And with that keen observation we have come full circle with this little post of mine, from tragedy to childhood memories of yummy candy with a lot of gobbledy gook in between.  Somehow I think my view of the circle of life might be a little more oval or some other geometric design whose name I can't remember, but it's all good I think...don't you agree?!

Wednesday, May 8, 2013

Princess Alexandra of Kent

I had hoped to share something else with you on my blog today, but the weather is having other ideas and it's been raining off and on.  We have 5 new visitors here in the form of little baby bluebird hatchlings, and I'm so excited I can hardly stand it.

We tried taking pictures of them yesterday, but it was too dark and too rainy, with more of the same today.  Even with the ISO cranked way up in the photo above it was hard to get a decent shot, so you will have to wait for a bright sunny day before I can properly introduce you to my new (apparently very hungry) babies.

Yes, I feel like a proud grandparent or something, and I have become a bit obsessed with these bluebirds, even going so far as to worry if another bird will harm them...stay away you mean house sparrows or you'll be introduced to my nasty side! 

After yesterday's rose post several of you emailed me or wrote on my FB page about how pretty they were and how much you loved the color.  The images in that post had had actions and textures applied to them which gave them a purple hue, so I thought I would show you their "true" color in this post.

They are Princess Alexandra of Kent roses from David Austin...which has become another obsession of mine!  I went from never owning a rose to craving WAY too many roses thanks in part to the internet and my friend Connie, who has a much larger obsession than I do with these beautiful plants.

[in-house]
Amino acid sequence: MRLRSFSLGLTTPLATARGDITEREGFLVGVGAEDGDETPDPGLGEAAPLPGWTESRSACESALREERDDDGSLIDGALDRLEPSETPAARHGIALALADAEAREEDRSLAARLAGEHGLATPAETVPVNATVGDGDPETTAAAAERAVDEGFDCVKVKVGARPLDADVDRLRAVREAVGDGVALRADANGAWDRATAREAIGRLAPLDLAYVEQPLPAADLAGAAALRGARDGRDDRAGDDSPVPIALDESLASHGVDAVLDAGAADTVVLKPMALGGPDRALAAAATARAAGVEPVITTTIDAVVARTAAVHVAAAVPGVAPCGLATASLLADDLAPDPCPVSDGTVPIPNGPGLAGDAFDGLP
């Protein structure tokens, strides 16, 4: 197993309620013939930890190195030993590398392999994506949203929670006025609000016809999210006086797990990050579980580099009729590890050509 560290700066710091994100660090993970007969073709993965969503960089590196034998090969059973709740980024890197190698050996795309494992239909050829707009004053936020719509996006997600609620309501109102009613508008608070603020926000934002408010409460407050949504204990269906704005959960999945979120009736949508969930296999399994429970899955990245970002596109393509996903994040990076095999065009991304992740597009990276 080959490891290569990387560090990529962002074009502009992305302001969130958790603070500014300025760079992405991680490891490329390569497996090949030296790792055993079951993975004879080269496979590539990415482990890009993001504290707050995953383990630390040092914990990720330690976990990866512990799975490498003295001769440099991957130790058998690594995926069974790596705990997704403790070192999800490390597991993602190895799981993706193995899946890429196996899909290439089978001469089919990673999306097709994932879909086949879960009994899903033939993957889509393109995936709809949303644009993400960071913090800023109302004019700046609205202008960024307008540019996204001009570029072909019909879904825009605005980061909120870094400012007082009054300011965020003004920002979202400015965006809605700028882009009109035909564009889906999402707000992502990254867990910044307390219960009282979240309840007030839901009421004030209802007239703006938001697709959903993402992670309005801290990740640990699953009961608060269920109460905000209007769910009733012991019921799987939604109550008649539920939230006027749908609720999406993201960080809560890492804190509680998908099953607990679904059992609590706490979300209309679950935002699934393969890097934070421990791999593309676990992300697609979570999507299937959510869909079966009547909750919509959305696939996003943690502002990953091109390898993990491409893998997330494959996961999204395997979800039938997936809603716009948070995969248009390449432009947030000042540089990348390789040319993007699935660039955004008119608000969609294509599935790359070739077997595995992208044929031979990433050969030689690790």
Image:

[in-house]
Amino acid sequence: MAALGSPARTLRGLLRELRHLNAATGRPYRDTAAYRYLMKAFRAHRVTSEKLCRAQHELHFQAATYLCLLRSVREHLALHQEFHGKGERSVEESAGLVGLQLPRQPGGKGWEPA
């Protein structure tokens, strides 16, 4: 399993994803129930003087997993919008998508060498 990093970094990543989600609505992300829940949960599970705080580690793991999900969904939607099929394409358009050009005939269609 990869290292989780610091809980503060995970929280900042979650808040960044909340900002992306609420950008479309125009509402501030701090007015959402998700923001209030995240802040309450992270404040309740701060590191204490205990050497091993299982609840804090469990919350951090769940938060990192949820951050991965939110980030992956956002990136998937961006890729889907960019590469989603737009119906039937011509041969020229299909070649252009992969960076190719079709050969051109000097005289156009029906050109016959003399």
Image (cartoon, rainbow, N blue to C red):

In the two images above, you can see the varying shades displayed by these gorgeous blossoms as they open to peony like show stoppers.  They range from orangey pink to lavender, and some of the petals at the base of each bloom even have a touch of yellow.  And don't even get me started on the's yummy and I find myself burying my face in them every chance I's embarrassing really!

Of course I'm never content to leave well enough alone, so here is a shot I messed with by adding a texture and a few actions to.  As you can see, it does alter the true color of each blossom, but I'm ok with playing mother nature from time to time...heck, why not?!

Enjoy your day, and stay tuned for the baby blue bird extravaganza soon...can you stand the wait?! ;-)

Monday, May 6, 2013

To the Manor Born

I think I've been watching too many British period piece films lately.

I seem to think that I'm living in a castle or manor house with lush lawns and maybe even a pond or two, with a fountain of course.

At my lovely home, with its soaring ceilings and finely detailed carved mouldings, are a whole staff of people at my beck and call.

Someone to tend to my varied rose gardens, and to bring fresh flowers to my bedside table each morning before I wake.

And another bouquet to accompany afternoon tea...with gluten free scones...hah!

Yes, my manor house is quite lovely this time of year, you would like it should your carriage end up turning down the tree lined lane of my imagination.


And after such a long journey to get here, I would surely have a bath drawn for you, scattered with what else but fresh rose petals.

The first blooms of the season are here on my David Austin Roses, and their heady fragrance has me channeling a little upper crust luxury I think. :)